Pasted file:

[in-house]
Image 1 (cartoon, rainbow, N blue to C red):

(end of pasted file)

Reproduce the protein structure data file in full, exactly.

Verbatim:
[in-house]
Image 1 (cartoon, rainbow, N blue to C red):